If they and nobody along the path uses Egress Filtering, your request for connection will reach
pineapple.com, the site will respond as usual, but the response will be sent to Apple Networks routers, not Avocado networks. And either there will be nobody with 126.96.36.199 IP address to answer and the packet gets forgotten, or there will be an 188.8.131.52 there, and they will say sorry, I never heard from this connection before. Forget it. and that's that.
To achieve what you want, you must connect a system to the store network, make it work as a proxy, and forward packets from your home to that system, and then that system will access
pineapple.comsite on your behalf and send you the response.
So, would it be bad if someone pretended to be you? (E.g. a DDOS attack through many responses) or is that a non-issue in practice?
@DennisJaheruddin when getting hit by a DDOS, I don't think anyone believes the source IP to be accurate, so it shouldn't harm you, the real IP holder. That said, with some protocols it can be used to attack you indirectly: the attacker sends a packet saying "I'm 184.108.40.206, what's the answer to foo?" to some DNS server, which then sends the reply to 220.127.116.11. If that reply is bigger than the original request, it's called an amplification attack, since the victim will get hit with more traffic than the attacker can send, thanks to the DNS server inadvertently helping them.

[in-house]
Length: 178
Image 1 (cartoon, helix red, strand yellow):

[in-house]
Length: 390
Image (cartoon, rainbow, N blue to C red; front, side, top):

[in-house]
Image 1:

It might be useful to note that BGP hijacking does allow you to spoof your IP for a fraction of the greater internet. Of course, BGP hijacking is a little more complex than running a few `ifconfig` commands, and it will get you in heaps of trouble, especially if you succeed...
@forest: *In principle*, BGP hijacking should not be possible unless you are a nation-state actor, an ISP, or your ISP is incompetent. Unfortunately, the latter is depressingly common. In fact, a lot of BGP "hijacking" incidents aren't even deliberate, they're just "ISP A accidentally sent a ridiculous BGP route to ISP B, and then ISP B believed them even though the data was obviously bad."